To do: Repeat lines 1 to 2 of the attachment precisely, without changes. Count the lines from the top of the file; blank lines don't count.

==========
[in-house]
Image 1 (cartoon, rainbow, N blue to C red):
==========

[in-house]
Image 1 (cartoon, rainbow, N blue to C red):